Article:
FORMER Hollywood gossip journalist Roger Asquith is hoping his own name will be in the spotlight as producers look to create a TV series based on his latest novel.
Cuban Trader tells the true story of Roger’s time aboard a ship during the Castro and Batista revolution in the 1950s.
It charts the occupation of the Bacardi refinery in Santiago de Cuba where the Cuban Trader loaaded with hot molasses and transport to a refinery in Philadelphia.
The Cuban refinery and all Bacardi’s assets were confiscated by Castro.
With dictator Fidel Castro now increasingly frail, Roger thinks there is no better time to lift the lid on the events of that dangerous era. His book, released earlier this year, is already being tipped as a possible TV series in the making.
Producers in London and Germany have been meeting with Roger and eyeing up potential filming locations.
“It has been a busy time for us,” said Roger. “The reaction I have had has been brilliant so far.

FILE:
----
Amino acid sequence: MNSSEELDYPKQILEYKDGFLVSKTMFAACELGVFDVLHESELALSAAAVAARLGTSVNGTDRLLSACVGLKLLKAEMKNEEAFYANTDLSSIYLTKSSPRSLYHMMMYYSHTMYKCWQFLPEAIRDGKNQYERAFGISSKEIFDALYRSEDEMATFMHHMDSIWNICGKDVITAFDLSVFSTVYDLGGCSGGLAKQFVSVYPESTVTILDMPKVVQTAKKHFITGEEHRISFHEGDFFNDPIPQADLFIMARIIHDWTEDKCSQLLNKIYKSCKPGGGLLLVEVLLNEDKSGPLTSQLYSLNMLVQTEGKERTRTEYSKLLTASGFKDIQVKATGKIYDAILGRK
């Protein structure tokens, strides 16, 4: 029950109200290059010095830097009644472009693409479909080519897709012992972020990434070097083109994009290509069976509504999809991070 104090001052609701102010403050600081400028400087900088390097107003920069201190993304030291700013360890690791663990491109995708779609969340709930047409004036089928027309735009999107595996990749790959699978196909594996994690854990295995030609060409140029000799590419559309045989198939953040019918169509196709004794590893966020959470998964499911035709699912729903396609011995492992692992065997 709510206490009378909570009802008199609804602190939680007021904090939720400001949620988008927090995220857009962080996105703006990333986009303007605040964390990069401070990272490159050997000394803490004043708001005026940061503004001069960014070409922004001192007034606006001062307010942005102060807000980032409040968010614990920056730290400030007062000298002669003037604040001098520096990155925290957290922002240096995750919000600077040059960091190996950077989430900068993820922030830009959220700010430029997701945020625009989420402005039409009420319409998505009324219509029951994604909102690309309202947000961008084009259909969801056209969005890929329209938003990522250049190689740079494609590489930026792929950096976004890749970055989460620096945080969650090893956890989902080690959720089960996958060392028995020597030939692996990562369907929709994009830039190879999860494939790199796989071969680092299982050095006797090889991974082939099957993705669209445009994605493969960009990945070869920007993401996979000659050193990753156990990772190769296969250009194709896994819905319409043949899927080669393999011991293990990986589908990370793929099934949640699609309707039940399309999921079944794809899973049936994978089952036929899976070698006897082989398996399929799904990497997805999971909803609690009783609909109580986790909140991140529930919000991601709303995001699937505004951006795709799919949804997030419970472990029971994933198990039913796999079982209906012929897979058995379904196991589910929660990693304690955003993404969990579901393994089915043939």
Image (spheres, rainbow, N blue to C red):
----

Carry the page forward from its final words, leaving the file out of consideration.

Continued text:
“My man in America who is promoting the book is now in London talking to film producers. They have also been over to Berlin and Hamburg.”
Roger spend a lifetime working in Hollywood reporting on the greats of showbusiness such as Elvis Presley, Marilyn Monroe, Mae West and Angela Lansbury. He has written another booked called That’s Hollywood, which is based on his many years in Tinseltown.
But his latest novel reveals another chapter of his life when he was known as ‘Sparks’ aboard the ship that has inspired the work.
The book also charts the time when Roger was captured and jailed. “I was thrown into jail in Santiago de Cuba for five years and I witnessed the execution of fellow prisoners.”
Roger, now in his eighties, retired to Kingsholm, not far from his home of Prestbury, near Cheltenham.
After two years in the Royal Air Force, Roger obtained his radio license and sailed off, serving for 12 years as radio officer on British, Australian, Swedish and Canadian vessels – and ultimately the Liberian tanker known as Cuban Trader.
Roger eventually swallowed the anchor and gave up his adventures on the high seas, instead turning to the world of showbusiness. He moved to Los Angeles where he founded the Hollywood News Service and the Movie Classics magazine.